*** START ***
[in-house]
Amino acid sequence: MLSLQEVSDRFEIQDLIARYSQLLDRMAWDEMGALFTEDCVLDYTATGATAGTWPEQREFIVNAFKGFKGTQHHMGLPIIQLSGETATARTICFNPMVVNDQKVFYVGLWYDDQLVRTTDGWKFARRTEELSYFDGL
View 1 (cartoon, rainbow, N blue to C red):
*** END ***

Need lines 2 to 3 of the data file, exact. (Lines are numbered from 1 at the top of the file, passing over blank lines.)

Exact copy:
Amino acid sequence: MLSLQEVSDRFEIQDLIARYSQLLDRMAWDEMGALFTEDCVLDYTATGATAGTWPEQREFIVNAFKGFKGTQHHMGLPIIQLSGETATARTICFNPMVVNDQKVFYVGLWYDDQLVRTTDGWKFARRTEELSYFDGL
View 1 (cartoon, rainbow, N blue to C red):